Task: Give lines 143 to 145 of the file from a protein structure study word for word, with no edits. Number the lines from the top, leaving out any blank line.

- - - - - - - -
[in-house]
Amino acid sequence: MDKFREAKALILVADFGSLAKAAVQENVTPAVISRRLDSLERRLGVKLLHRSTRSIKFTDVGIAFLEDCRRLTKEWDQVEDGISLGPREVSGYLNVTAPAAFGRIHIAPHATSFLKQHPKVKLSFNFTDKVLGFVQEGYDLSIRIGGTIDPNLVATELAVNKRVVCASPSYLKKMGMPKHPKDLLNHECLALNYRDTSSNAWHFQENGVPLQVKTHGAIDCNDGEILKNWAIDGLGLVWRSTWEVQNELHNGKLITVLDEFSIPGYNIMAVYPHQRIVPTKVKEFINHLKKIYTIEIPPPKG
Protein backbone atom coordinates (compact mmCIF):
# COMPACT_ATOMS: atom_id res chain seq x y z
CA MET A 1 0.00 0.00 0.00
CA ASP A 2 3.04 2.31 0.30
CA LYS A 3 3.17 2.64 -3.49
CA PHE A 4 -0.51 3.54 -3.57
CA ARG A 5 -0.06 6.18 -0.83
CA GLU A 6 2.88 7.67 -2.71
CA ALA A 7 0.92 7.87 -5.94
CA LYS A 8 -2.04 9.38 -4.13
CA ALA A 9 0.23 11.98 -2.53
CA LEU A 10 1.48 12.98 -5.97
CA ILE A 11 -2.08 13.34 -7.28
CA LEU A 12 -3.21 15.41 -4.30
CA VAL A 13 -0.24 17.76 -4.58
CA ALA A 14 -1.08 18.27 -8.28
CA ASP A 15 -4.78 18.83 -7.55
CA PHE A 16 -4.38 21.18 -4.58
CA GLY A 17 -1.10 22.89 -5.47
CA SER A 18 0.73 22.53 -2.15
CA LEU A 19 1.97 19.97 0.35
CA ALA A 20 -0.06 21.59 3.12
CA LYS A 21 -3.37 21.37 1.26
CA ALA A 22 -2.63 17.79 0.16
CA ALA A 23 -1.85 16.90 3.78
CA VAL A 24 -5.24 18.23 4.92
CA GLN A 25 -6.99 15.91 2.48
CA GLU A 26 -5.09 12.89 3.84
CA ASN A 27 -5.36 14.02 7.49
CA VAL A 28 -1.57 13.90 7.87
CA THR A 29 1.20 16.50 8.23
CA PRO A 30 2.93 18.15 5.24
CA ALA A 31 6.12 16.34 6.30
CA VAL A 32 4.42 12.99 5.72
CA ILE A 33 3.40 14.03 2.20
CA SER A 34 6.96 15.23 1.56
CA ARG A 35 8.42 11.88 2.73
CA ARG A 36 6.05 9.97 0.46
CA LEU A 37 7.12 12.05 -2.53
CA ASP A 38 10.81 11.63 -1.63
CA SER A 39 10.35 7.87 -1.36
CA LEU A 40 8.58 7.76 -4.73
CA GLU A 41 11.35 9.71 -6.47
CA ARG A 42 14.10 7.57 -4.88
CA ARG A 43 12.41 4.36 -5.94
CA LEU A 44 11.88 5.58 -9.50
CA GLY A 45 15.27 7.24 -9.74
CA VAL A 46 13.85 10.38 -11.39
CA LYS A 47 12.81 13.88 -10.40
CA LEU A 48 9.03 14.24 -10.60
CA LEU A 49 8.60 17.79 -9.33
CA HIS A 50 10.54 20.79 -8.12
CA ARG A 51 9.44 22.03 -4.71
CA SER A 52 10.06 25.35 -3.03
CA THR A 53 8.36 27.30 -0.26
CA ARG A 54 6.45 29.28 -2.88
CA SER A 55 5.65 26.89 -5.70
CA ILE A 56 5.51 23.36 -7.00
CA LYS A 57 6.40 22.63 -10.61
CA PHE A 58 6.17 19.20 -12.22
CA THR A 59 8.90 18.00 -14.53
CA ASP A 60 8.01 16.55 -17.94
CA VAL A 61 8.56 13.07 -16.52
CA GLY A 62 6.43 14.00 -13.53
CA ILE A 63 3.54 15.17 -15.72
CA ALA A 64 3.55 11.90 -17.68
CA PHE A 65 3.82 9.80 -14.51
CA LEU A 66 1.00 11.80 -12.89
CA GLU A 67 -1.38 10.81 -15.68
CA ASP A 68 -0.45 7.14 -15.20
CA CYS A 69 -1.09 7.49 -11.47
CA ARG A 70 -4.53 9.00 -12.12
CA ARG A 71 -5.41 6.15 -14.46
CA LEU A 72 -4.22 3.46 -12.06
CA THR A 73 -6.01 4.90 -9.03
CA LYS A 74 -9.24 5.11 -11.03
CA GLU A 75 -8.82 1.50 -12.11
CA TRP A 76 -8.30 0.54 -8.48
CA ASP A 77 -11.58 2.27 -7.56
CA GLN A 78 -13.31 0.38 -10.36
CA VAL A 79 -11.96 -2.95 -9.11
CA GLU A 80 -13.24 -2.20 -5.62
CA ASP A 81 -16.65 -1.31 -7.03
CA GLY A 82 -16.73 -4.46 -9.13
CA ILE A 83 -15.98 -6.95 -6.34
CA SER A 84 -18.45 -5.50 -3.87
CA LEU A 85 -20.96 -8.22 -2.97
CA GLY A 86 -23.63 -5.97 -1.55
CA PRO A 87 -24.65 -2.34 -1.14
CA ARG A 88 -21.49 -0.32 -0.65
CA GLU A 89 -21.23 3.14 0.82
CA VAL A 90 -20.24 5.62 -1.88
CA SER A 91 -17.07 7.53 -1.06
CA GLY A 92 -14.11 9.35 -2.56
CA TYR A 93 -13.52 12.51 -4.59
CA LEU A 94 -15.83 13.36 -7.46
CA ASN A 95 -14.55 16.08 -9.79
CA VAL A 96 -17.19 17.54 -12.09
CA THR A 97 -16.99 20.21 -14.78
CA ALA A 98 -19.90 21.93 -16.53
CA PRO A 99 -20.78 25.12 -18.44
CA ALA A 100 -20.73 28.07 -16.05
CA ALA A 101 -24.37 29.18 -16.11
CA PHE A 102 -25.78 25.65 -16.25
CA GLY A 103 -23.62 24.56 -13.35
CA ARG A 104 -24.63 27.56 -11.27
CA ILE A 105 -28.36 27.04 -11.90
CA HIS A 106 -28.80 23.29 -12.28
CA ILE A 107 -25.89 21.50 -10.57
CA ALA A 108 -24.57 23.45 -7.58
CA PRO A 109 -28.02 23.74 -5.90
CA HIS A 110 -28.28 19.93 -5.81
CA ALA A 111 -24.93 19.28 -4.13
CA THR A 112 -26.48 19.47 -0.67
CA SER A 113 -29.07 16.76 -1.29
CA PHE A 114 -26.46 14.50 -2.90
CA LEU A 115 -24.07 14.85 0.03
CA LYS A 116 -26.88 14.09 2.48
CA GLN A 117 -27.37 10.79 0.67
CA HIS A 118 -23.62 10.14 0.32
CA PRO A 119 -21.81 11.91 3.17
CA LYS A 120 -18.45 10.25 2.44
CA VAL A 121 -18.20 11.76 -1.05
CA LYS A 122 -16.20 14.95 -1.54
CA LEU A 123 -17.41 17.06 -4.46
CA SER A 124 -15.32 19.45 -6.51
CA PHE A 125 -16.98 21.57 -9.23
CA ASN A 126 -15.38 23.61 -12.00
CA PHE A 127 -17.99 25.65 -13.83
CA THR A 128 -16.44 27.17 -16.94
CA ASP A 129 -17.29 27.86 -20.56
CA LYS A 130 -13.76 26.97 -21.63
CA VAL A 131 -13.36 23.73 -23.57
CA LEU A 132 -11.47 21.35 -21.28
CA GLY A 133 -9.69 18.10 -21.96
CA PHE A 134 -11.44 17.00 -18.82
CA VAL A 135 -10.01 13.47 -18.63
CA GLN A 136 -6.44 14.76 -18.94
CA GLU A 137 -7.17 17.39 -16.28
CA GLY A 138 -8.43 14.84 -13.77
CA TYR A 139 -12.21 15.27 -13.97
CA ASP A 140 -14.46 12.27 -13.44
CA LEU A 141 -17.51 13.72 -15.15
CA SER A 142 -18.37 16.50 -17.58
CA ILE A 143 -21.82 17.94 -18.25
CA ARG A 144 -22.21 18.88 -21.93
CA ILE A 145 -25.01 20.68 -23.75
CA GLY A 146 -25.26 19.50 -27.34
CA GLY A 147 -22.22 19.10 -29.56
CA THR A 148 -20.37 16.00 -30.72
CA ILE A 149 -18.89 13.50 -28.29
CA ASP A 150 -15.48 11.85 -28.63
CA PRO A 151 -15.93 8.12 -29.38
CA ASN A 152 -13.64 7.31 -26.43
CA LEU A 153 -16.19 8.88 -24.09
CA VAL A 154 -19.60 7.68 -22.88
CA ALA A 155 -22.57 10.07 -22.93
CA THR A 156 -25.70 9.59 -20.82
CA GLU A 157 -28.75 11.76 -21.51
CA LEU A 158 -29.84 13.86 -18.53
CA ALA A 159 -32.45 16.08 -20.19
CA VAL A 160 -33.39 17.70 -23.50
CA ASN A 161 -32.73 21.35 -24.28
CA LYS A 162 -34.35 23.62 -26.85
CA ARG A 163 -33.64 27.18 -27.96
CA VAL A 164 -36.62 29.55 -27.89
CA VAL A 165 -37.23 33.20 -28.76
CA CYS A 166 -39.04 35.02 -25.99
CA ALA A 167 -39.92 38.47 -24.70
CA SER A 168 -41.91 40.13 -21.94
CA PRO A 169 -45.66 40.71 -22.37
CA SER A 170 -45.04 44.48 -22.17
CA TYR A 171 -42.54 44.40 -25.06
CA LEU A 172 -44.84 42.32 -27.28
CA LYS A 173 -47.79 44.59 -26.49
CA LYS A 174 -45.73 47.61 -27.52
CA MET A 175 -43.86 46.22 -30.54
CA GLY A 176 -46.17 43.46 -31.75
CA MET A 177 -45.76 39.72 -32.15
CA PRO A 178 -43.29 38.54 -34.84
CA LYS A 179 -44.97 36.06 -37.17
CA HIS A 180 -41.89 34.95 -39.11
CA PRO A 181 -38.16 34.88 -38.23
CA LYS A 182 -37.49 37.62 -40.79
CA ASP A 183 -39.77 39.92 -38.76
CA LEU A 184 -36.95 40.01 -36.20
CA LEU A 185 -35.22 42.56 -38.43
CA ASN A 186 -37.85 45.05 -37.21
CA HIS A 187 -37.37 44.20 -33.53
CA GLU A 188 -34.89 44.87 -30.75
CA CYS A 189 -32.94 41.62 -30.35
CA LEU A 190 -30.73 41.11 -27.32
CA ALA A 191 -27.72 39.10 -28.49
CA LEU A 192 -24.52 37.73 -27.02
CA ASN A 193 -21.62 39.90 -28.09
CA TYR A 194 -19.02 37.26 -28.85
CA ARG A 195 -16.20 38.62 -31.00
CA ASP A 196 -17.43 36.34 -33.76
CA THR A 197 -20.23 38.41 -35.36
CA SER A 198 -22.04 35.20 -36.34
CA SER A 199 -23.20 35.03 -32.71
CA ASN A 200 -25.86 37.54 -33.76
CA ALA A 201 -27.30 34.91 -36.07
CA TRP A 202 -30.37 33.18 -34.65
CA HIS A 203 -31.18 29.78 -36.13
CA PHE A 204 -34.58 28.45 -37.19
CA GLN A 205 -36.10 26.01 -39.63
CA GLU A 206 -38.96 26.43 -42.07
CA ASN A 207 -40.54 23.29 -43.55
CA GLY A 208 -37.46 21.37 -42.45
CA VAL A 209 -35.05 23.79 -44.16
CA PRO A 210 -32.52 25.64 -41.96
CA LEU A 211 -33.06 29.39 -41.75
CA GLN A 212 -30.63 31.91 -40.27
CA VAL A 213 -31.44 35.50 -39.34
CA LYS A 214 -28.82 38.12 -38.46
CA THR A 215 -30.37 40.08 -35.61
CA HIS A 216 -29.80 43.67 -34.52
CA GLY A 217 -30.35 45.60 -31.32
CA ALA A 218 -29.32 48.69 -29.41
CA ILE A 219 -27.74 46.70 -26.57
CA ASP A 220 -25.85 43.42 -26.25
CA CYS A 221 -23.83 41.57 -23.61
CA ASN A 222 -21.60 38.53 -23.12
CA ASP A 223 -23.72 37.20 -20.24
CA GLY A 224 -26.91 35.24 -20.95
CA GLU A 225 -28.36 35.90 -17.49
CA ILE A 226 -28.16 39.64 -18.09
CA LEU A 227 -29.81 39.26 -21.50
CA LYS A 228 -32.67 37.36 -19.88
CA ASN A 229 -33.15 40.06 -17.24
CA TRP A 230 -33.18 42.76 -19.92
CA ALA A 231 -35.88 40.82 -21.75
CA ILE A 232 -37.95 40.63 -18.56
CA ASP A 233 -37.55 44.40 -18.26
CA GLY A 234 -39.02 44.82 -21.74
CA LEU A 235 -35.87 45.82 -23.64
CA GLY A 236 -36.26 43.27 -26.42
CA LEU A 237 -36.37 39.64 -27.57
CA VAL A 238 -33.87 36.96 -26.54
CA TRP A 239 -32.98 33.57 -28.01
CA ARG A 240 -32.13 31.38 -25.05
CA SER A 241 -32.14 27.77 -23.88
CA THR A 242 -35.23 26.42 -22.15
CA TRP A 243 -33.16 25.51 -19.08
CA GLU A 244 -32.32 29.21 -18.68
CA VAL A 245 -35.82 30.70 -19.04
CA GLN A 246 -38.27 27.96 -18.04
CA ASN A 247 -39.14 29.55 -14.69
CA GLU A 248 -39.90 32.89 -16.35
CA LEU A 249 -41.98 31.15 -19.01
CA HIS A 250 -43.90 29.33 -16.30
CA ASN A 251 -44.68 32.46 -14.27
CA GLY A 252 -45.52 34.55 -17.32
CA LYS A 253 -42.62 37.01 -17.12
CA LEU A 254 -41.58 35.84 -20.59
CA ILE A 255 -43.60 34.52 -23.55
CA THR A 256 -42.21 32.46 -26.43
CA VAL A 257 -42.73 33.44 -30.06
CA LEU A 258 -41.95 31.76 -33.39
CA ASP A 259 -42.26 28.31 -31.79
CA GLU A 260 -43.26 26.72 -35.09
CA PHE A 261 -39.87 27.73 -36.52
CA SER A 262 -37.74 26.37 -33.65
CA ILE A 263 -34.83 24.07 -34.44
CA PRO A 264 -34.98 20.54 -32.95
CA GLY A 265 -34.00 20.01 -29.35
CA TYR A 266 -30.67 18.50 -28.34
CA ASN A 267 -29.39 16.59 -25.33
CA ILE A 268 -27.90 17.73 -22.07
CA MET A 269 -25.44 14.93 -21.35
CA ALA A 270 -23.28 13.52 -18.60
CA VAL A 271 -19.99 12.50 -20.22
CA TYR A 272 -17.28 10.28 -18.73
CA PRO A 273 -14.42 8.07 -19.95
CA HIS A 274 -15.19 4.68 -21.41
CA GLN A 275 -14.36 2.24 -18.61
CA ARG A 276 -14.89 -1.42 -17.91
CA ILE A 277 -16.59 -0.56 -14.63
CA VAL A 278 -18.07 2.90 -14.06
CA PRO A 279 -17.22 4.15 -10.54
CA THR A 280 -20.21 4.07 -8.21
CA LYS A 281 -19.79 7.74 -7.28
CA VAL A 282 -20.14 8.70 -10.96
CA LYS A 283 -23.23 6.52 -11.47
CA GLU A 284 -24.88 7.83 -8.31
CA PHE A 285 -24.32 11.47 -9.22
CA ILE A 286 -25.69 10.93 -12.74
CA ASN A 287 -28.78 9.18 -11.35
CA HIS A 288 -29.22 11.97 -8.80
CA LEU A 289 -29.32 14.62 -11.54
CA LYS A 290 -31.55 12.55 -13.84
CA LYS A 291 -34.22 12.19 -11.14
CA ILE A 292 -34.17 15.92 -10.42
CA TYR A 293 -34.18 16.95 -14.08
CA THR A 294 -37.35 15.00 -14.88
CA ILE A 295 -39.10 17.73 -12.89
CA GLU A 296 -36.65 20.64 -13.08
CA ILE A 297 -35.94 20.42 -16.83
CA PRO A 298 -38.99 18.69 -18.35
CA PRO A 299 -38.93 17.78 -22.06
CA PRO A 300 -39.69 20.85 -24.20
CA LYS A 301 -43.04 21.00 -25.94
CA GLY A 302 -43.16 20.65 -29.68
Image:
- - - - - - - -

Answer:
CA TYR A 139 -12.21 15.27 -13.97
CA ASP A 140 -14.46 12.27 -13.44
CA LEU A 141 -17.51 13.72 -15.15